Hello faithful followers,
(Wow, that sounds a bit creepy…kind of religious! Maybe I could start a cult: doronism? klemerology? the people of the book??)
Thanks for dropping by again, be it via a facebook nudge, a twitter prompt or bumping into me in the street and guiltily realise that, despite all those facebook nudges and twitter prompts you’ve somehow never quite gotten around to checking out the blog.
Before I get back to the job of reviewing books one by one, I realised that an entire month has passed, (and a little bit more…quite a lot more, since even if you’re reading this the day it comes/came out, it will still be a few weeks from the time I’m writing it, since I have another one lined up beforehand. It’s like Back to the Future IV around here. “We have to reach 88 words per minute, Marty!!”)
You know what that means? It means another list of books I’ve bought over the preceding 31 days, (I had to do that thing on my knuckles to figure out if it was 30 or 31. Do you know the thing I mean? The world is divided into three types of people: those who know the rhyme, those who do the knuckle thing, and those who don’t know either of them and just get out their iPhone to check how many days in each month).
‘Working the Room,’ Geoffrey Dyer
‘Super Freakonomics,’ Stephen.D.Levitt and Stephen.J.Dubner
‘On Royalty,’ Jeremy Paxman
‘An Idiot Abroad,’ Karl Pilkington
‘Horrible Histories: the Blitzed Brits,’ Terry Deary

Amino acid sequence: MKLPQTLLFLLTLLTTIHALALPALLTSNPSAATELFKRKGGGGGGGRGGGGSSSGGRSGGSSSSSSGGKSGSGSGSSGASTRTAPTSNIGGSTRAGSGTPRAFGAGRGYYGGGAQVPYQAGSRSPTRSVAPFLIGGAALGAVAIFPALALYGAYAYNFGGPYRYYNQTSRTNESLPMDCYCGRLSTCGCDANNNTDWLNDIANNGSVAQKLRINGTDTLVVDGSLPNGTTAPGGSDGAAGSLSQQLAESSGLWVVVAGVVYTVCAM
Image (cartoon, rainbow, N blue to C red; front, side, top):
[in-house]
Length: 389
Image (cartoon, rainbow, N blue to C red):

‘Horrible Histories: the Vicious Vikings,’ Terry Deary
‘Horrible Histories: the Angry Aztecs & the Incredible Incas,’ Terry Deary, Martin Brown and Philip Reeve
‘Dead Famous: Oliver Cromwell and His Warts,’ Alan MacDonald
‘The Very Hungry Caterpillar: fold and play travel set‘
‘Ladybird: Kings and Queens of England, book 1‘
‘Horrible Histories: the Frightful First World War,’ Terry Deary
‘The Strange Laws of Old England,’ Nigel Hawthorne
‘The Art of McSweeney’s‘
‘Kafka on the Shore,’ Haruki Murakami
‘Dinosaur vs. The Library,’ Bob Shea
‘Spanking Watson,’ Kinky Friedman
‘The Possessed,’ Elif Bautman
‘Adverbs,’ Daniel Handler, (aka Lemony Snicket)
‘The Secret Lives of Great Writers,’ Robert Schnakenberg
‘The Tao of Travel,’ Paul Theroux
‘House of Leaves,’ Mark.L.Danielewski
‘How to Archer,’ Sterling Archer
‘Tough Shit: life advice from a fat, lazy sh*t who did good,’ Kevin Smith
‘Let the Buyer Beware,’ Lenny Bruce, (+6xCD’s)
‘The Last Holiday: a memoir,’ Gill Scott Heron
‘The Thinking Fan’s Guide to the World Cup,’ edited by Matt Weiland and Sean Wilsey
‘Leaving Microsoft to Change the World,’ John Wood
‘Collapse,’ Jared Diamond
‘The Tipping Point,’ Malcolm Gladwell
‘A Man For All Season,’ Robert Bolt
‘50 Years of Sports Illustrated‘
‘Lost in the Funhouse: the life and mind of Andy Kaufman,’ Bill Zehme
‘The Victorians,’ A.N.Wilson
‘Stardust,’ Neil Gaiman
‘Beware of God,’ Shalom Auslander
‘Inside Out: a personal history of Pink Floyd,’ Nick Mason
‘The Divine Comedy, book 1: Inferno,’ Dante Aligheri
‘Dorling Kingsley’s the Kings and Queens of England and Scotland‘
So, this month’s totals: 39 books bought, ten of which were British history, seven presents, and four signed books, (the Daniel Handler which I found for a dollar in the fantastic Japanese bookshop ‘Book Off’ in Manhattan turned out to have been signed, which was a pleasant surprise; the Nick Mason was dug up in a small charity shop in Southend, signed by the Floyd stick man; meeting Kevin Smith, director of two of my all-time favourite movies, Mallrats and especially Clerks, was enough to get me shell out a whopping $27US for his autobiography; and finally, a live comedy evening enabled me to meet Jon Benjamin, the voice behind the hilarious cartoon series Archer, as well as Karl from Family Guy. Which means that technically I now have a book signed by a fictional character).